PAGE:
Stock pickers like to think that they’re more akin to astronomers than astrologists. Either way, it makes a certain sense to see the universe of stocks as nothing more than planets in orbit.
And that’s what James Grant, a student at The University of Advancing Technology, has done with The Stock Ticker Orbital Comparison.
Each stock on the S&P 500 is displayed as a “planet.” The color represents percentage change; the size represents market cap; and the transparency represents the moving average. Thus, a planet that shows up as a big, opaque green disk would represent a stock that’s relatively stable, with a big market cap and not too much of a percent change. The closer the planet is to the center, the higher its trading volume.
A video explains more of the specifics:
Cool stuff–and you can download it on Grant’s Web site. That said, some niggles prevent the chart from being useful tool rather than a compelling visual metaphor. For example, the color coding of percent change is weird–mauve is high and red is low, but both colors look pretty red. Kinda confusing. Also, there might simply be too much data coded into the disks to make it intuitive.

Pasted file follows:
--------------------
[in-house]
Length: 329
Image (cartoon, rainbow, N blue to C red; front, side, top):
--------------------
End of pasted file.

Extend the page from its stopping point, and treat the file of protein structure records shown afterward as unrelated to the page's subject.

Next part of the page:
That said, why do Bloomberg terminals and stock tickers remain just an avalanche of numbers? Shouldn’t we have some sort visualization like this, to put all the movements of individual stocks in some sort of perspective? At a glance, you’d be able to gauge an up or down day, how the winners and losers are distributed, and what stocks are particularly hot (or toxic). Sounds a lot better than James Cramer pretending like he knows something, doesn’t it?